I’ve been teaching for nearly forty years. And back in the 90s my students worked the way I worked. Then from about 1991 to last year, I found the students were always talking about the technology, always struggling with the technology. They wouldn’t do something a certain way because they didn’t have access to that sort of typeface. But now they can do anything. They can draw thumbs, they can program them, they can make them move, they can work in photoshop, bring dimension, all kinds of fantastic things. And we don’t talk about it! I don’t think it’s that interesting. To me, it was always like cars – there were those guys who liked to talk about the kinds of equipment that was in their cars. Does this car go? How fast did you go? How did you get there? Is it interesting? Maybe, maybe not. It’s all just traffic anyway. I know I’m supposed to be interested in it, but I’m not.
In your episode of Abstract you talk about how neither you nor your husband collaborate with each other. What are the rules to good collaboration?
Don’t be married (laughs).
I don’t know that I’m a great collaborator anyway. To collaborate, you need to be cross-disciplined. I do well working with an architect, and I do well working with a product designer, but I don’t do well working with another graphic designer, unless you’re just kind of bouncing an idea off of them. You can’t really collaborate on another graphic design, because there has to be a leader. What you do if you’re collaborating, and if you’re equals, is that you’re correcting each others mistakes, and if you’re doing that you’re going to do that you’re going to make something pretty flat, because all the interesting stuff is in the tension and the struggle.
"When you’re young, you try things that are stupid, and sometimes that really works."
You once said that being inexperienced keeps you from conforming to rules. How do you stay unique once you learn the rules?
It’s harder. The problem is that it’s a self-editing process – you know something doesn’t work so you don’t try it again. When you’re young, you try things that are stupid, and sometimes that really works. I found that when I started doing environmental graphics. You approach something with a kind of naivety that’s really terrific, and it’s hard to do that as you’re more studied and you know more, so you have to step outside of your comfort zone.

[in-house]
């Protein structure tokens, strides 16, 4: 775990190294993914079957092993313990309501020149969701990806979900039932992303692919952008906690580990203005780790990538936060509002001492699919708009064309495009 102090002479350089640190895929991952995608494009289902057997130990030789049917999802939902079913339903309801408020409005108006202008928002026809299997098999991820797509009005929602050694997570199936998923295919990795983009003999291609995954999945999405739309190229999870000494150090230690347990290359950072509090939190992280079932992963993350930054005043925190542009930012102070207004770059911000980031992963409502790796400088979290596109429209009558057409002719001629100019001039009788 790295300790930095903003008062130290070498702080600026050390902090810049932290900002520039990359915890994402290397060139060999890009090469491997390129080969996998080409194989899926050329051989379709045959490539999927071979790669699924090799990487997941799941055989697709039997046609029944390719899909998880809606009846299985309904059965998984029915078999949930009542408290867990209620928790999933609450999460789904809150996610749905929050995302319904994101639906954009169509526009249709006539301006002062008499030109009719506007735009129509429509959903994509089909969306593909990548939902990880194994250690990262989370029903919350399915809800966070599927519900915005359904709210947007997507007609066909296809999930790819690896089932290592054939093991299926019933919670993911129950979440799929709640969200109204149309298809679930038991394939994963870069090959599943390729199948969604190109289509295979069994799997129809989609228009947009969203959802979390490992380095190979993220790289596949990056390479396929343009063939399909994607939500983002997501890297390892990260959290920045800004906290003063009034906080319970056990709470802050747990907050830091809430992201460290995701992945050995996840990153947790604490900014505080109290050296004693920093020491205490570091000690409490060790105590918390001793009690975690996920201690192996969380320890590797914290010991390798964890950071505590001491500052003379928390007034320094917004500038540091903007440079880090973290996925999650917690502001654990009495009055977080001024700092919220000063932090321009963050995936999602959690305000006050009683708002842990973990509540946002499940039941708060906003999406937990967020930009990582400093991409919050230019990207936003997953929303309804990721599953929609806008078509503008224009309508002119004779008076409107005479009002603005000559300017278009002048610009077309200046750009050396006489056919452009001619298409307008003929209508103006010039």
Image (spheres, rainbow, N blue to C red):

Are you still on the Design Commission for the City of New York?
I went off last year, I was on for about seven years.
But you’re still on the board for the Public Theater and quite a few other city-wide services.
Do you have to let yourself go for the greater good? Where things that may not be your personal style may be in the best interest of the city.
For the design commission, I was in a position where I was raising a standard that was very low. All of that matters – it matters that they would make very strange decisions: for example, there were these things called ‘business improvement districts’, where they would improve sidewalks, but they were run by tax codes, so they would do a section of sidewalks, then skip a part because it was a lower-tax code area, then re-start again. It was disgusting – we would just hold back the approval process until they agreed to pave the whole area. You had to use your power that way, and sometimes it was boring to sit there and look at their bad paving. They would do crazy things in NYC – one side of Houston Street was a higher tax district than another, so one had paved marble curves, and the other side of the street was just ordinary concrete – that’s not nice, it’s just rude! (laughs). It really isn’t about design, it was about being nice to people.
I liked Mayor Bloomberg. He did a lot for the city and I saw him as ‘The Design Mayor’. Some of the things we did were more extraordinary than building the curbs, because he was building all kinds of wonderful things, and that was exciting to be part of. It became less exciting when he left office.